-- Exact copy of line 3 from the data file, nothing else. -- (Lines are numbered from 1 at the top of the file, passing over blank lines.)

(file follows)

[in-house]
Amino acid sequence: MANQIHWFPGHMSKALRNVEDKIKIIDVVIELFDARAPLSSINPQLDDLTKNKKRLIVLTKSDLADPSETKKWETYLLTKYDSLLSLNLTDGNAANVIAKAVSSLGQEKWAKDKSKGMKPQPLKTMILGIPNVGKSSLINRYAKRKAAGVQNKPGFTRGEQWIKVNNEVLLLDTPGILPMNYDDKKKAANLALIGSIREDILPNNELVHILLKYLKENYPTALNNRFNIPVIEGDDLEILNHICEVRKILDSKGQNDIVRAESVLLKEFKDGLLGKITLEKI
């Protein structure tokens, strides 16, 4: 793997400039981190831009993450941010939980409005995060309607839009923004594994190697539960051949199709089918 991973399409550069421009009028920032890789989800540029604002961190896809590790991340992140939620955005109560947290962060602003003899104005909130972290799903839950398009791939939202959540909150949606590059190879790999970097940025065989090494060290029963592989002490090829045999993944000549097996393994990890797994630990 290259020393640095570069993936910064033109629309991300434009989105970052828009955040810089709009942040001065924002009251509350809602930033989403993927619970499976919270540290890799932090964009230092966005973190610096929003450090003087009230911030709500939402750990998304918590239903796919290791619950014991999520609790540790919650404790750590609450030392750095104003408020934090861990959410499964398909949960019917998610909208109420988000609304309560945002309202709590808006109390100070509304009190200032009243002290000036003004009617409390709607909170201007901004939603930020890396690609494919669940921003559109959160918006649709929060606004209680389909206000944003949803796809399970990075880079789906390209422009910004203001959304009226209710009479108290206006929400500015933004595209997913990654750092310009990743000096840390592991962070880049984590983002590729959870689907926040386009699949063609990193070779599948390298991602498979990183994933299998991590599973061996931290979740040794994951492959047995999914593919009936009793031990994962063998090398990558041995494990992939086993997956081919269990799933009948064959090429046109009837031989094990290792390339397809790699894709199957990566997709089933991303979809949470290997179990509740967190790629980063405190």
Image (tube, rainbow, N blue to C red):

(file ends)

């Protein structure tokens, strides 16, 4: 793997400039981190831009993450941010939980409005995060309607839009923004594994190697539960051949199709089918 991973399409550069421009009028920032890789989800540029604002961190896809590790991340992140939620955005109560947290962060602003003899104005909130972290799903839950398009791939939202959540909150949606590059190879790999970097940025065989090494060290029963592989002490090829045999993944000549097996393994990890797994630990 290259020393640095570069993936910064033109629309991300434009989105970052828009955040810089709009942040001065924002009251509350809602930033989403993927619970499976919270540290890799932090964009230092966005973190610096929003450090003087009230911030709500939402750990998304918590239903796919290791619950014991999520609790540790919650404790750590609450030392750095104003408020934090861990959410499964398909949960019917998610909208109420988000609304309560945002309202709590808006109390100070509304009190200032009243002290000036003004009617409390709607909170201007901004939603930020890396690609494919669940921003559109959160918006649709929060606004209680389909206000944003949803796809399970990075880079789906390209422009910004203001959304009226209710009479108290206006929400500015933004595209997913990654750092310009990743000096840390592991962070880049984590983002590729959870689907926040386009699949063609990193070779599948390298991602498979990183994933299998991590599973061996931290979740040794994951492959047995999914593919009936009793031990994962063998090398990558041995494990992939086993997956081919269990799933009948064959090429046109009837031989094990290792390339397809790699894709199957990566997709089933991303979809949470290997179990509740967190790629980063405190």